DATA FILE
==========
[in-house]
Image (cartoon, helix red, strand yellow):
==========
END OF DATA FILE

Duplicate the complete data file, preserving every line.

[in-house]
Image (cartoon, helix red, strand yellow):